HP's newest line of high performance laptops now boast metal body parts, improved speakers, and thin, sleek designs. Do these laptops stand up to the test? Find out.
The laptop reviewed has the following specifications:
HP Pavilion dv6t Select Edition customizable Notebook PC
Genuine Windows 7 Home Premium 64-bit
Intel(R) Core(TM) i5-560M Dual Core Processor (2.66 GHz, 3MB L3 Cache) with Turbo Boost up to 3.2GHz
512MB ATI Mobility Radeon(TM) HD 5470 switchable graphics [HDMI, VGA] - For Dual Core Processors
FREE Upgrade to 6GB DDR3 System Memory (2 Dimm)
FREE Upgrade to 640GB 5400RPM Hard Drive with HP ProtectSmart Hard Drive Protection
No Additional Office Software
High Capacity 6 Cell Lithium Ion Battery (standard)
15.6" diagonal High Definition LED HP Brightview Widescreen Display (1366x768)
TouchScreen with HP TouchSmart's intuitive multi-touch applications (includes HP TrueVision Webcam)• SuperMulti 8X DVD+/-R/RW with Double Layer Support• Intel Wireless-N Card
Backlit Keyboard with Fingerprint Reader
dv6t comes standard with metal alloy lids, palm rest, and around the four edges of the entire computer. This design is only rivaled by the MacBook Pro's design which is cleaner throughout. The metal is brushed vertically, different from the MacBook Pro which is just a plain aluminum.
The major metal components also feature HP's new stream argento design, a chemically etched 'wave' style designed to turn heads over the MacBook Pro.
The dv6t hold more like a thin text book rather than a notebook. The device is only 1.20 inches thick. The thickness is considerably thickened when the oversized 9-cell battery is added see more in Battery section). Although, other users have reported that the oversized battery helps improve airflow underneath the device.
The laptops comes with three options for battery supply. The HP website claims the standard 6-cell battery to last for around 5 hours. Under medium browsing, you can expect about an hour less. The high capacity 6-cell battery will get you about a half-hour more than that under the same conditions.
The nine-cell battery greatly increases battery life at the expense of the thinness and weight of the laptop. The battery will last you at least six hours under medium browsing. Since the batty sticks out of the bottom, hot air from the vents and underside holes have more space to circulate. This is especially useful if you are going to be doing a lot of high-intensity work on your lap.
Keyboard, Fingerprint Reader, and Touchpad
The keyboard is very similar to the one used on the current MacBook Pro (designed first by Sony). On the very left side of the keyboard is a row of quick launch keys, these keys are useful for quickly opening the calculator, email, and printing. These can get annoying when your are first using the laptop because your first instinct when reaching for the Ctrl key is to go to the very left of the keyboard. But you will get used to them over time.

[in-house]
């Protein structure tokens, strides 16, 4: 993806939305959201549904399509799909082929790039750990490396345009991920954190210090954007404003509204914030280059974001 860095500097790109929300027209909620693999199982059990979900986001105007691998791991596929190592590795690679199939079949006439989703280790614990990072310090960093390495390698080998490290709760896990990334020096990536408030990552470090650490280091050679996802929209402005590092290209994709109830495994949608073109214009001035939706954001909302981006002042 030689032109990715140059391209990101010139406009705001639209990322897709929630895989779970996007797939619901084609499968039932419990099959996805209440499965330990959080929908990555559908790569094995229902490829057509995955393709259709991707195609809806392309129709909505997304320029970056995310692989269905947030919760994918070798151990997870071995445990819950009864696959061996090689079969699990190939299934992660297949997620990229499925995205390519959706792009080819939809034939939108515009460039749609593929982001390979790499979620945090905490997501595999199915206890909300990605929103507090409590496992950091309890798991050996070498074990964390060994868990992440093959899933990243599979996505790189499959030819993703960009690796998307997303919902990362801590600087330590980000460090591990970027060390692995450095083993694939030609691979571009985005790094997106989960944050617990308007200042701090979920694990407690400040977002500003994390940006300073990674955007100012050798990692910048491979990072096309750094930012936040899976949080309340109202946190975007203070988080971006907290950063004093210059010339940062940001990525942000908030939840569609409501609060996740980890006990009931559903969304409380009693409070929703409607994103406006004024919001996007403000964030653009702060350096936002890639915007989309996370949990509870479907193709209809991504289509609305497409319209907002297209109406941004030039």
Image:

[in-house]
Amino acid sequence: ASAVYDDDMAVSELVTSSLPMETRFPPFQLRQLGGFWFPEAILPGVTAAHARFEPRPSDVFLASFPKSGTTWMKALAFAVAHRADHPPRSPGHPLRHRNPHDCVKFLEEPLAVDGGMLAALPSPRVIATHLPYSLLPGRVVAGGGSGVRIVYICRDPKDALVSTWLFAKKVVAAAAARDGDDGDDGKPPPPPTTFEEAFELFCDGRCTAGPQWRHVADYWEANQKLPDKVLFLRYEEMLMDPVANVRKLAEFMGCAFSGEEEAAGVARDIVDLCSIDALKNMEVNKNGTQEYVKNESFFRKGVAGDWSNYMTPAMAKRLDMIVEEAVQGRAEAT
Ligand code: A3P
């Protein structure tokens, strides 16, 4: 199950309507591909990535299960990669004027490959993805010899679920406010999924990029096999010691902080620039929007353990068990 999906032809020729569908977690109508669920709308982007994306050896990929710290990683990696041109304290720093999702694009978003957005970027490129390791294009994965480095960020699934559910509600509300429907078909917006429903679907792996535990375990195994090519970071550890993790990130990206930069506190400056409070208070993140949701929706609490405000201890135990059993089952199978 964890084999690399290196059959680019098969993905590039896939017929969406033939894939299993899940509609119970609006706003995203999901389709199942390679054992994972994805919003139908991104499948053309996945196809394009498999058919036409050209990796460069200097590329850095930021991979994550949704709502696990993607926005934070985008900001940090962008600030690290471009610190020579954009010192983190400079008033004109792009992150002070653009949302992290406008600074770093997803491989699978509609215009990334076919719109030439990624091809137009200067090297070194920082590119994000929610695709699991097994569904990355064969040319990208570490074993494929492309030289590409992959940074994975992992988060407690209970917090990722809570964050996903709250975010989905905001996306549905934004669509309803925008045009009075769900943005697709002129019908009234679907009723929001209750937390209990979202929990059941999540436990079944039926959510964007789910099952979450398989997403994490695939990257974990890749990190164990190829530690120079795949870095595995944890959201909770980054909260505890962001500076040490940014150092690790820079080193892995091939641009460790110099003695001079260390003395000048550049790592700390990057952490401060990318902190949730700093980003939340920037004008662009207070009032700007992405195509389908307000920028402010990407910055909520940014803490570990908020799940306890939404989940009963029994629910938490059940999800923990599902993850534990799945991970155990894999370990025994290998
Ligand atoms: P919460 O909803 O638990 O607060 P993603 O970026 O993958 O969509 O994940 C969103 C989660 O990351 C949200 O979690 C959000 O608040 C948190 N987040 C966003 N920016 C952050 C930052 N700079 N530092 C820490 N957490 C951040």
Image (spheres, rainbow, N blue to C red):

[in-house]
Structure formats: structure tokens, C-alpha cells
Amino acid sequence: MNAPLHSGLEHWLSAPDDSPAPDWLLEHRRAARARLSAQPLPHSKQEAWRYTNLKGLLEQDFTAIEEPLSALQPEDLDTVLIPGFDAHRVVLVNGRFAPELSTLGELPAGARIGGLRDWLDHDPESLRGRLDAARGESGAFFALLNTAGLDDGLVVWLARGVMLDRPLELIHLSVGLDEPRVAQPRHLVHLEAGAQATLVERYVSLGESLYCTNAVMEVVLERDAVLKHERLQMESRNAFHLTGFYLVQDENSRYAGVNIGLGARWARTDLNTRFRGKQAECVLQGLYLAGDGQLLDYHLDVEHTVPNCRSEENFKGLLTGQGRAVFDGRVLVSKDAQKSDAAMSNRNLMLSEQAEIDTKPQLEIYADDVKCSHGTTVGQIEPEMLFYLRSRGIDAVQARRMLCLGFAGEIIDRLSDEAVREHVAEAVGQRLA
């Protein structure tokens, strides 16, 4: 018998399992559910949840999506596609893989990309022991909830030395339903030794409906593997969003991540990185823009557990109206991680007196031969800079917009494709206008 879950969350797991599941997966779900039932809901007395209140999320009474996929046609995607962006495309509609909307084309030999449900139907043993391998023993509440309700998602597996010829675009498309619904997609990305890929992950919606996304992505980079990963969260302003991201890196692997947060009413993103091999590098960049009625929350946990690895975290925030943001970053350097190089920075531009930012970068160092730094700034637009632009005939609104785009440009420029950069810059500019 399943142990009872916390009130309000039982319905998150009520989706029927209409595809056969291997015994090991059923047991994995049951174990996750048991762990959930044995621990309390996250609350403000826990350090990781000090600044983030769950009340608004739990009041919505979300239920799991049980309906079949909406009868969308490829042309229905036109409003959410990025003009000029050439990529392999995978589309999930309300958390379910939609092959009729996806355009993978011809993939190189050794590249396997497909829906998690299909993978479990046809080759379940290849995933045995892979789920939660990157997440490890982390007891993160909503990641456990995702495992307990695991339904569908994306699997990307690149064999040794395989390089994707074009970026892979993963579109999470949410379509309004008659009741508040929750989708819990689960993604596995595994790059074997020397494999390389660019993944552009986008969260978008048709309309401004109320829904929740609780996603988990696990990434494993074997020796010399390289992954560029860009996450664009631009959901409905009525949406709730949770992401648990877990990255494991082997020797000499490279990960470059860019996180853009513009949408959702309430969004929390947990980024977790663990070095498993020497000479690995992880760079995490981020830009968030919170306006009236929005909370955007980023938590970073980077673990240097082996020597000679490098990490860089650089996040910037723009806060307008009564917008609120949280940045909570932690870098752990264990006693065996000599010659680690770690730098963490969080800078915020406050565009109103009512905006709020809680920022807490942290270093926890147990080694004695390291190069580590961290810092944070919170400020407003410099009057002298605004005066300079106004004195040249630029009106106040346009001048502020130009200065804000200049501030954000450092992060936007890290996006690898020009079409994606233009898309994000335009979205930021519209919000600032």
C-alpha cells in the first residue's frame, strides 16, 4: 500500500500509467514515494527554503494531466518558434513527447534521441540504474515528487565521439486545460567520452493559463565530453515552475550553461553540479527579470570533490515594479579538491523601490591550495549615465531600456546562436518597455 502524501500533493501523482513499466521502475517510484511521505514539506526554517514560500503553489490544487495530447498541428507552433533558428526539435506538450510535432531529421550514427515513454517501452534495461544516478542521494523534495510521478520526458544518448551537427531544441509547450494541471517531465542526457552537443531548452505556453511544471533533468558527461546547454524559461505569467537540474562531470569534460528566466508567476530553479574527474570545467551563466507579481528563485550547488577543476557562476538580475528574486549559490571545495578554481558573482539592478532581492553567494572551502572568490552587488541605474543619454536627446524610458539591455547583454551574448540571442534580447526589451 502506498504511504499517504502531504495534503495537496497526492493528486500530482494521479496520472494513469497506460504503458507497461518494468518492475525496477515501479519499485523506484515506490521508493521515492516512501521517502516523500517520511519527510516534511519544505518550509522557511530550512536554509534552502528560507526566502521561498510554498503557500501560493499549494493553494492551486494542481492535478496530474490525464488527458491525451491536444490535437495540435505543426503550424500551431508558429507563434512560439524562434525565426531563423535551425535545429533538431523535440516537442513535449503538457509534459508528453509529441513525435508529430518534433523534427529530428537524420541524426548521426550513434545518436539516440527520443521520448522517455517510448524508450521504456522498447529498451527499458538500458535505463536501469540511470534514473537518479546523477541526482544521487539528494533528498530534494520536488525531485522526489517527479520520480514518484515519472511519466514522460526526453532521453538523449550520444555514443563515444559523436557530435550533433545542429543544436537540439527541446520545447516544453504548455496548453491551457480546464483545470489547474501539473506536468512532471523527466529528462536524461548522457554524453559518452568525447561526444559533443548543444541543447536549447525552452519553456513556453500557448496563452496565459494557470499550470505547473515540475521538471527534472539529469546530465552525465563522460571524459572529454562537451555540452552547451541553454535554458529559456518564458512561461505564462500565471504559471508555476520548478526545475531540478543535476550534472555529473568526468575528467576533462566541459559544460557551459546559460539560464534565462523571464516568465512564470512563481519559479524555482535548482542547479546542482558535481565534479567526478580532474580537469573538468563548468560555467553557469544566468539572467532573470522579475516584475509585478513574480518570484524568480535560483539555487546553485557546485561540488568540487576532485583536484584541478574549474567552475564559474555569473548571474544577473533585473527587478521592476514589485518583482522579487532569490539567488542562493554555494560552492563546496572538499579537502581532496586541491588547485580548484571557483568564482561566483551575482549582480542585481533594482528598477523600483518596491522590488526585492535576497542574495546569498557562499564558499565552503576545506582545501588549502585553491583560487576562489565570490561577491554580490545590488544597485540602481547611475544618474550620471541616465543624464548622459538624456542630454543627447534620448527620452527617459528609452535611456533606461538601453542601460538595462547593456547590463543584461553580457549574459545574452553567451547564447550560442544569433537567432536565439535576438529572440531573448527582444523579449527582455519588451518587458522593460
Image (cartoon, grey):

The keyboard comes with an optional backlit keyboard and fingerprint reader. The backlit keyboard is very useful when typing in the dark. It reduces the need for your eyes to hangs from the bright screen to a dim keyboard. The backlighting works great in medium to dark lighting bunt it makes no difference in bright light or in direct sunlight (Not sure why you would need it then, anyways). The backlit keyboard is seems slightly less brighter than the MacBook Pro. Unlike the Mac, the dv6 does not have a luminosity sensor, the lights must be activated by a button on the keyboard.
The fingerprint reader is a very safe way to keep your passwords and Windows account log-in. The reader usually works on the first swipe. It adds a great deal of 'wow' factor to your laptop. Overall a great complement to a high-tech laptop.
The touchpad has received many criticisms from users, I'm not an exception. The entire touchpad includes the right and left click buttons. My grippe is that when you go to right-click with the touchpad, it frequently registers it as a movement of the mouse. The trackpad is larger than a normal touchpad but is not quite as big as the ones on the MacBook Pro.
The screens resolution is 1368 by 768 pixels, an aceptable amount for most people. Some complain that a laptop with other high-performance parts should have the option for a better screen. A probable reason that HP didn't put a higher resolution could be that HP was worried about battery life.
The laptop comes with an optional touchscreen. The entire screen is a capacitive, the same one found on iPhones, iPod touches, and many smartphones. The touchscreen helps compensate for the bad touchpad. Although it's not an essential feature for the laptop, once you've used the laptop with touchscreen for a few days, it's almost impossible to go back to using a normal mouse/touchpad. The touchscreen option also adds an infinity display to your laptop (edge-to-edge screen). This means that there is no plastic border around the device (a part that is standard on MacBook Pros). The border is at the same level as the rest of the screen. In between the screen and metal lid, the is a piece of touch rubber surrounding the screen. Computers without the touchscreen option will have a small plastic border (about 3mm thick) that surrounds the screen. On top of the extra usability of thee touchscreen, it adds a lot of 'wow' factor to your device.
The customizable laptops comes with a wide variety of CPU's and GPU's. The lowest CPU is Intel's Dual Core i5-460M (included in price), going all the way up to Quad Core i7-840M ($600 addition to the base price). The GPU varies from an Intel integrated HD graphics (included in price) all the way to a 1GB ATI HD 5650 ($100 addition to price).
The laptop used in the following tests was an medium setting i5-560M processor with an ATI HD 5470 GPU.